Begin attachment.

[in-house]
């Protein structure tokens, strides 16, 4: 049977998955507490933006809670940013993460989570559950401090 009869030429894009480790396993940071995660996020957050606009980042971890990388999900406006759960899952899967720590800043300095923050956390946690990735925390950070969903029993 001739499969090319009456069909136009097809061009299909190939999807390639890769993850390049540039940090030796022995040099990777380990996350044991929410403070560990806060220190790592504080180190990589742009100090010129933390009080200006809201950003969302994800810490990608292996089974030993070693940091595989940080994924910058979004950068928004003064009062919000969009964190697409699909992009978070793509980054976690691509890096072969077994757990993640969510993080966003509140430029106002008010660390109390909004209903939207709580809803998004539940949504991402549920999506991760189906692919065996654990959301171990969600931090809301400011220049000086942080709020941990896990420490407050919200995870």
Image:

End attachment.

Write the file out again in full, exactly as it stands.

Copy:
[in-house]
């Protein structure tokens, strides 16, 4: 049977998955507490933006809670940013993460989570559950401090 009869030429894009480790396993940071995660996020957050606009980042971890990388999900406006759960899952899967720590800043300095923050956390946690990735925390950070969903029993 001739499969090319009456069909136009097809061009299909190939999807390639890769993850390049540039940090030796022995040099990777380990996350044991929410403070560990806060220190790592504080180190990589742009100090010129933390009080200006809201950003969302994800810490990608292996089974030993070693940091595989940080994924910058979004950068928004003064009062919000969009964190697409699909992009978070793509980054976690691509890096072969077994757990993640969510993080966003509140430029106002008010660390109390909004209903939207709580809803998004539940949504991402549920999506991760189906692919065996654990959301171990969600931090809301400011220049000086942080709020941990896990420490407050919200995870």
Image: